With the Los Angeles Clippers afforded a top-four playoff seed, thanks to an underperforming Pacific Division, the Memphis Grizzlies and Denver Nuggets are headed for a furiously competitive two-team race for the Western Conference's third seed.
And it's one that the Grizzlies won't soon be conceding.
A third seed holds a number of potential benefits for Memphis, not the least of which is a first-round matchup with the Golden State Warriors.
The Grizzlies swept their three-game series with the Warriors. And that only begins to hint at their natural matchup advantages in this potential playoff meeting.
While the Warriors have made drastic strides on the defensive end this season (102.5 defensive rating, 12th in the NBA via ESPN), the Grizzlies have been an elite defensive club for the past three seasons and have been even better this season (98.2 defensive rating, second in the league).
Not coincidentally, Memphis' lineup is noticeably absent of the defensive liabilities sprinkled in Golden State's starting five. It's nearly impossible to crack Memphis coach Lionel Hollins' rotation without being a strong defensive player. As for Jackson, his two most utilized players (Stephen Curry and David Lee) are staunch supporters of the "best defense is a good offense" mindset.
The Warriors average 100.9 points per game this season (via ESPN). But in their three meetings with the Grizzlies, the Warriors have managed a meager 91.3. The Grizzlies, on the other hand, average just 93.8 points on the season, but shredded the Warriors for 99.0 in the season series.
Now it bears mentioning that the oft-injured, but healthier-of-late Warriors big man Andrew Bogut only played in one of those three games. And that game, a 99-93 Memphis win, saw the Warriors trailing by just one entering the final quarter before falling apart later.
But Bogut's presence only helps the Warriors negate the impacts of one-half of the Grizzlies two-headed interior monster. Bogut can potentially force Marc Gasol into an exhaustive series, which leaves Lee facing a daunting matchup with fellow All-Star Zach Randolph.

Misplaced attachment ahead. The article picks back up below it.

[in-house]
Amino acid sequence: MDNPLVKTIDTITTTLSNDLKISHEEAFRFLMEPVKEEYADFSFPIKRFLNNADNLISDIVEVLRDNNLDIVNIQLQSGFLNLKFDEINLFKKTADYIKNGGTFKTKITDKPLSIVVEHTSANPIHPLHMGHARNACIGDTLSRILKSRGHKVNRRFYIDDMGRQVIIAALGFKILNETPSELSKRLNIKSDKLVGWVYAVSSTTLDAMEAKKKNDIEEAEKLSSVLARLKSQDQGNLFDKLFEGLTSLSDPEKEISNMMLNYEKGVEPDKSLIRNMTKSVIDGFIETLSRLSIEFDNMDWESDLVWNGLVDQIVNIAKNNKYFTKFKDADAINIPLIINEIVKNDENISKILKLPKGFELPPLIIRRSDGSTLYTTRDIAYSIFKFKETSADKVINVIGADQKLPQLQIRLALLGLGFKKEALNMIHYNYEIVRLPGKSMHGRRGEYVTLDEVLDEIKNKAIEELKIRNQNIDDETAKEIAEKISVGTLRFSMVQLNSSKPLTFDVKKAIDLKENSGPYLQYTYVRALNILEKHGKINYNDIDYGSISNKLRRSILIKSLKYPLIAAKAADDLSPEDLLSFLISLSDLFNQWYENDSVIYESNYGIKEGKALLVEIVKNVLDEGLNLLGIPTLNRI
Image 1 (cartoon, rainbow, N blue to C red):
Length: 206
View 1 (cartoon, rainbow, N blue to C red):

Not to mention, Bogut will also be tasked with diverting the prodding Mike Conley on Curry's gaffes.
The Grizzlies don't overwhelm opponents with blistering jabs, but rather pepper them with a series of body blows. Bogut has made a career out of weathering those punches—the same cannot be said of his Warriors teammates.
But the benefits of that third seed extend beyond a potential first-round meeting with the Warriors.
It means avoiding a Los Angeles Clippers team that has already defeated the Grizzlies twice this season and delaying a matchup with the top-seeded San Antonio Spurs, who have twice defeated their Southwest Division rivals.
The Grizzlies wouldn't have an easy going in the second round, regardless of their seeding, but they did win the three-game season series, 2-1, with the Oklahoma City Thunder.
Now the Grizzlies still have work to do just to get that third seed. They hold an identical record with the Nuggets (50-24), but Denver holds the tiebreaker, thanks to a dominant 3-1 edge in the teams' four-game season series.
This also is assuming that the Warriors can hold on to that sixth seed, a task that grows increasingly difficult with each Houston Rockets' win.
But the Grizzlies can't worry about that. They have to do something that every team will claim to be doing from here on out—take things one game at a time.
Of course, with the Nuggets holding their own winning record against the Warriors and losing record against the Spurs, the Grizzlies won't be the only team gunning for that third seed.
I can't tell you who will emerge from these final weeks as the No. 3 team out West, but I can safely predict who will get the win from this frenetic race: the fans.
It will be one heck of a ride for both teams down the stretch.
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